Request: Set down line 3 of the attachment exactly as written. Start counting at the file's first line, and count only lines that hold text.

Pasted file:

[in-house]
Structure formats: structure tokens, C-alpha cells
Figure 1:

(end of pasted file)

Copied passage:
Figure 1: